. Sure, there are a good number of smart one-liners, several contextual jokes, and there’s lots of borrowing from the concepts of the original. But this one veers more towards Rang De Basanti
than Munnabhai MBBS. 25 minutes into the movie, you are wondering what the hell is happening. 80 minutes into it, you feel like you’ve been compromised. 150 minutes into it, you’re clapping, even if this was nothing like what you expected it would be.
Let’s get to the story – Munnabhai and Circuit are alive and well, and, interestingly, the film has not one frame of reference to the original. For all you care, this could have been Munnabhai 1 - it is technically not a sequel at all. Munnabhai isn’t running any hospital, there’s no woman in his life, and there’s no doctor pa-in-law.
Munnabhai (Sanjay Dutt) is in love with Jahnavi (Vidya Balan), an RJ who airs a show. To get to know her, he participates in a quiz on Mahatma Gandhi on her show, and wins it with help from Circuit (Arshad Warsi), who uses organized terror to achieve this.
When he meets her on the show and she asks him how he knows so much about Gandhi, he commits a cardinal error of starting an emotional relationship, by entering on a false premise – he tells her he is a professor on Gandhism. She is impressed, and asks him to deliver a lecture on Gandhism to inmates of the old age home she runs, the coming Sunday.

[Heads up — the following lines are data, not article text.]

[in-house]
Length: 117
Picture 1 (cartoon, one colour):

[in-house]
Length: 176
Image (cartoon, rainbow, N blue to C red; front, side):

Trapped, he now decides he has to actually learn up about Gandhi, and lands up at a library on the Mahatma, and starts spending days and nights there reading without food or sleep. Pretty akin to the original film so far, where he lies that he is a doctor, and has to become one.
On the 3rd night – and this is when the film appears to lose the plot – Munnabhai actually sees Gandhiji. Or rather, his ghost or soul or whatever. He is scared stiff, even if the Mahatma says he is there only to help. But soon he comes to terms with it, and actually uses the Mahatma’s help to deliver the lecture, even impressing Jahnavi enough to fall in love with him.
The Mahatma tells him to confess his true self to her, but he refuses, despite the former’s warning that he is setting himself up for major trouble later. And troubles do come, in a weird coincidence.
When Munna takes Jahnavi and the inmates of the old age home she runs, to Goa for a vacation, the home is annexed by a land-grabber Lucky Singh (Boman Irani), an act performed coincidentally by an unsuspecting Circuit who’s been hired for this by Lucky Singh.